Amazon has redesigned the interface of its Fire TVs. The initial goal was apparently to get rid of the monopoly of Prime Video in order to open up a little more to other SVoD services, and this in order to better stick to the codes established by the Apple TV 4K and the boxes. Android TV such as the Chromecast with Google TV and the Nvidia Shield TV.
This results in a home page with a banner that groups together the user's main streaming applications - a choice that can be rearranged by the user. On some of these applications, a simple hover over the icon produces a banner located below the first one. This then allows you to continue viewing (continuation of a film, next episode) and to view personalized content for the application in question. At the time of this writing, Prime Video, Netflix and even Disney + were compatible with this system, unlike myCanal.
A Find tab - which can also be accessed by pressing the TV button on the remote control - is also present to aggregate the content of the different platforms to which the user is subscribed. A very good point which raises the Fire TV interface to the same rank as that of Android TV from Apple tvOS. The system allows you to find all of your content in one place, without having to juggle between apps. Some content is offered on different platforms, so you can choose the one you prefer to start viewing.
The catalog of applications is also now expanded and more in line with the Spanish market. The main streaming offers are present: Netflix, Prime Video, OCS, myCanal, Disney + or Molotov, YouTube and Apple TV +.
The playback of content stored on the local network (NAS, computer) is possible with applications such as VLC, Plex, DS video or MX Player. Finally, audio streaming platforms are also part of the game with Spotify, Deezer or TuneIn.
If the interface is now well thought out and complete, this is not fully palpable with the Fire TV Stick Lite. The limited RAM of this streaming box gives rise to jerky transitions and not really smooth scrolling. An annoying slowness when you want to navigate quickly from one application to another, a certain latency that can sometimes lead to false operations (double press of a button thinking that the first has not been taken into account). Last regret: the presence of advertising banners that lead to commercial videos when clicked.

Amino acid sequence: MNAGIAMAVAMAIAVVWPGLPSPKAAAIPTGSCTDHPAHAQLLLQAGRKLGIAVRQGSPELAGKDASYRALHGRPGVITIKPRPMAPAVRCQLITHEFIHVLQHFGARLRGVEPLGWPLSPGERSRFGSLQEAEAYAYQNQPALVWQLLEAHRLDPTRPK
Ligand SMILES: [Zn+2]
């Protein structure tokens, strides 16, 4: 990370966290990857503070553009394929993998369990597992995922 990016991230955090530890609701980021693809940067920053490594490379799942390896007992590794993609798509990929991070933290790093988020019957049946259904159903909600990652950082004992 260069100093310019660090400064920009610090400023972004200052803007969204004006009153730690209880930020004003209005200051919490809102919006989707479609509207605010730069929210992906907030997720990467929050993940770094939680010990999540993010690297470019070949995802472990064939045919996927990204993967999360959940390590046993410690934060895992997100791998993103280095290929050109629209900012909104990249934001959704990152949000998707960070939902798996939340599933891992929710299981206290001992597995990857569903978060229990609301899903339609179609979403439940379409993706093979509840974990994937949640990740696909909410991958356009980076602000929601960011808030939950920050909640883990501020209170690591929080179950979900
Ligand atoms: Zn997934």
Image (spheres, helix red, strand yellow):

Advertising banners are present. © Itopdroid
On the other hand, the execution of the videos is done without a hitch. Viewing Full HD content runs smoothly, including those with a bitrate of 60 fps. On this definition, wifi 5 is also sufficient - assuming, however, that the wifi coverage of the accommodation is correct.
Some applications (Prime, Netflix and YouTube at the time of this writing) also offer cast functions like Chromecast or AirPlay. The display of content from a smartphone or tablet via Miracast is also available. Not very practical to implement - you have to go to the device settings each time -, the method also gives rise to lag which makes handling sluggish.
Interface with streaming content aggregation system.
Simple and intuitive to use.
Box that does not take up space, because it is placed behind the television.
Integrated Alexa voice assistant.
"Cast" function on some applications.
Banner ads in the interface.
Remote control without sound volume management.
The Amazon Fire TV Stick Lite is a basic entry-level streaming box that takes care of the essentials for playing videos on Full HD TV or HD TV. Inexpensive, it offers a rich interface, bringing together in one place the content of the various streaming services (SVoD) to which the user is subscribed. Reading goes smoothly, but it does not come without concessions: this Lite version is slow to use and its remote control is sparse in buttons.Sub Notes
- Remote control